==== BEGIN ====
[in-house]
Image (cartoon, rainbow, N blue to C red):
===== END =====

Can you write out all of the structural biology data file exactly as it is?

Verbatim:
[in-house]
Image (cartoon, rainbow, N blue to C red):